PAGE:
ARSENAL – TACTICAL HISTORY CAN HELP REFINE TRANSFERS by Nicholas Oyoo
In 1996 when Wenger came to Arsenal he started his first match October 12th 1996 against Blackburn Rovers which he won 2-0 was patterned in a 3.5.2 pattern. He had Hartson and Wright with Mason, Vieira and Platt in Centre Midfield, Dixon and Wnterburn as Winbacks and Bould, Adams and Keown as the back three. He won 2-0.
By 1997, Wenger had identified Dennis Bergkamp as a player to build a team around. Within a year of his appointment Patrick Vieira and Emmanuel Petit were signed to form a midfield pairing behind the Dutchman, and Marc Overmars and Nicolas Anelka arrived as targets for Bergkamp’s incisive passing. In defense he had Winterburn, Adams, Keown and Dixon. With Seaman in Goal, the pattern was 4.4.2.
The second 4.4.2 was formed in 2000 when Anelka, Overmars and Petit left. In their place arrived Thierry Henry, Robert Pires, Freddie Ljungberg and the defense was Cole, Campbell, Keown and Lauren and Lehmann in goal. Toure made his way for Keown. Henry had the freedom to work the channels, run at defenders and seemed to be appearing from all corners. Bergkamp was executing a powerful between-the-lines role with Pires and Ljungberg coming in as ‘inverted wingers’ – both players moving into central areas from wide starting positions, Pires to create and Ljungberg to score goals. The more technical full backs were given more license to add in attack. To support Vieira in midfield, able replacements in Edu, Gilberto Silva, and later Cesc Fabregas were available. Meanwhile, in attack, Thierry Henry became arguably the world’s most feared striker. But you need to read his assists numbers to know how important his contribution to goals was. This resulted into the most successful Arsenal squad, it went on into an unbeaten title-winning season in 2003/04 and a Champions League Final appearance in 2006. Bergkamp and Hendry looked to have developed a telepathic chemistry of attack that no one in Europe wanted to face. However, there was a pretty strong a strong defense and a very disciplined midfield.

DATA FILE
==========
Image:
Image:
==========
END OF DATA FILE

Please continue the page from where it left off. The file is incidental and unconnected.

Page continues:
And new players came into the team. Bergkamp, Pires and Ljungberg went and in came Nwankwo Kanu and Robin van Persie, Jose Antonio Reyes, Tomas Rosicky and Alexander Hleb and in defense came Emmanuel Eboue and Gael Clichy replacing Lauren and Ashley Cole – but the basic balance of the side remained. During this period Arsenal won two Premier League titles, with four second place finishes, and reached six cup finals, winning three.
Both Eduardo and Emmanel Adebayor were played alongside Van Persie in a 4-4-2, but by 2009 Arsenal had adopted a 4-3-3 variation and before long the lone striker was introduced. With Van Persie operating as a lone striker, Wenger wanted to add a third central midfielder and give his wide playmakers more attacking freedom. At full back both Clichy and Bacary Sagna continued to be ambitious with their attacking runs, but now lacked the defensive support previously afforded to Arsenal by a flat midfield four – as a result Arsenal became particularly vulnerable down the flanks. In attack, neither Adebayor nor Nicholas Bendtner were capable of replicating Van Persie who was almost always unavailable.
In midfield, the balance was lost as both Abou Diaby and Alex Song was touted as Vieira replacements, but obviously lacked the disciplined presence of Petit, Edu and Gilberto that gave the team the defensive balance it required. Fabregas and Nasri were getting forward to support Van Persie, Arsenal need at least one of Diaby and Song to operate as a reliable defensive shield, but neither player possessed the positional discipline to provide such a service.
By 2013 Van Persie Wenger’s side were not a title-challenging side with the forward, but his goals did cover up a lot of flaws and stole a lot of points. Without the one player capable of fulfilling two attacking roles, Wenger opted to return to a creator-goalscorer axis, signing Santi Cazorla to play as an advanced playmaker and Olivier Giroud to lead the line.
Arsenal lack in natural holding players was met with the arrival of Mikel Arteta to join Jack Wilshere and Aaron Ramsey as technically sound midfielders more adept at dictating play than shielding a back four. In attack, the transformation of the wide forwards from technical playmakers (Hleb, Rosicky, Nasri, Andrey Arshavin) to direct attackers (Theo Walcott, Lukas Podolski, Alex Oxlade-Chamberlain) took away from the team the creativity and tact that once defined them. Arsenal continued to aspire to dominate possession and press aggressively, but now had a forward line better equipped to counter attack and a back four uncomfortable with defending with a high line.